With one important caveat, the UK holds the moral high ground on a major crime-fighting reform recently approved by the European parliament - the creation of public registers of who really owns millions of companies in Europe.
Back in autumn 2013, prime minister David Cameron announced that the UK would be a pioneer and set up its own public list of who ultimately owns the two million plus companies in the UK.
In November, Mr Cameron then urged the same approach on other European countries. In a letter to other heads of government, the European parliament and the European commission, he argued that they must "visibly lead global efforts to strengthen transparency of company beneficial ownership".
He also pointed out that there is "overwhelming evidence behind the need to act" and that "a lack of knowledge about who ultimately owns and controls companies facilitates illicit domestic and cross-border money laundering, corruption, tax evasion and other crimes".
The European parliament has now accepted these arguments and voted to require member states to set up public registers of companies' real, flesh-and-blood owners.
The matter will now go to Europe's ministers, who make up the European Council. If and when Parliament and Council agree, European countries will get registers of who really owns the companies incorporated within their borders.
Without doubt, this will be a problem for anyone who uses companies as a front for nefarious activities. The registers should make it dramatically easier for the police, tax authorities, journalists and potential business partners and customers of the companies in question to know who is ultimately responsible.
However, as Mr Cameron's letter also points out, the criminal abuse of companies is an international problem and can only be fixed if countries pursue similar solutions. Otherwise, companies can be shut down in one country and re-established in another which offers more effective secrecy.
Hence Mr Cameron's argument that European countries should set up public registers of companies' real owners "as the cutting edge benchmark for countries and major financial centres to emulate across the world".
All well and good - but aren't some of those 'major financial centres' ultimately controlled by the UK? Take the British Virgin Islands, the Cayman Islands and Bermuda, for instance, which are among the UK's Overseas Territories.
Between them, these small islands host at least 700,000 companies, some of which have provided powerful evidence of why real owners should not be allowed to hide their identities (corruption, fraud, tax evasion, money laundering and, apparently, horse-meat masquerading as beef).
Admittedly the UK did flex its muscles at the G8 last year, leading the Overseas Territories to agree to consult on whether to create central registers of who owns the companies they host.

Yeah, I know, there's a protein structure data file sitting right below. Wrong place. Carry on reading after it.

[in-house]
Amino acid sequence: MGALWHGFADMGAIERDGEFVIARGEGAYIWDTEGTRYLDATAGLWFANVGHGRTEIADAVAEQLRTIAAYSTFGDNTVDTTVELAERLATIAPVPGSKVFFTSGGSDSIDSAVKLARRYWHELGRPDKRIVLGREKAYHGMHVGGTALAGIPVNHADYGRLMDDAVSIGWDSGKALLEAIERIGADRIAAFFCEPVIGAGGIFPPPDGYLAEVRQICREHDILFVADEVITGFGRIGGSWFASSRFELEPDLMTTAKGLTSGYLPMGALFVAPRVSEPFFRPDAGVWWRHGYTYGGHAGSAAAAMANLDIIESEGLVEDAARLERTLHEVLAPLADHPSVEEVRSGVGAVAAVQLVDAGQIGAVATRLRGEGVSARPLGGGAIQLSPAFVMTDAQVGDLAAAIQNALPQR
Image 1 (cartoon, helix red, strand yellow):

But while the PM has subsequently seen fit to harangue his EU counterparts on the issue, the UK government has been noticeably more restrained about the outcome of the Overseas Territories' deliberations.
We don't know what conversations are happening behind closed doors but when he responded to a parliamentary question about the matter, foreign office minister Mark Simmonds replied simply that the islands are consulting on the possibility of creating central registers of companies' owners. He gave no indication of what outcome the UK government favoured.
And when Mr Simmonds visited the Cayman Islands in November 2013, he took a similarly neutral approach. In a speech to the Islands' Chamber of Commerce, he welcomed the consultation before adding : "But this is ultimately a matter for Cayman to decide."
This raises the question of how the UK government would respond, if the Overseas Territories decide against public registers. It would create a curious position in which the UK is publicly seeking to influence the way other countries regulate their companies, while remaining silent on the issue for jurisdictions over which it holds ultimate responsibility.
Of course the UK deserves huge credit for choosing to create a public register of companies' owners in the first place. If implemented in an effective and enforceable way, the register will set an important precedent for the rest of the world to follow. It also gives David Cameron's letter to Europe a lot of credibility.
But what the UK does in relation to its Overseas Territories also affects that credibility. And it affects the lives of people across the world, including in the UK, because the Territories' global financial importance is wildly disproportionate to their tiny physical size. According to Christian Aid research, the British Virgin Islands alone is one of the ten largest sources of foreign direct investment in the world, although it has the 194th largest economy.
So when companies hosted by the Overseas Territories are used by criminals - as countless exposes have revealed to be the case - people across the world suffer the consequences as their governments are denied vital revenue for combating poverty.
In short, Mr Cameron, your leadership on this issue and your advocacy to your European Union counterparts is welcome. But we have yet to square the circle when it comes to the Overseas Territories. In the interim, we anxiously await the outcomes of their consultations.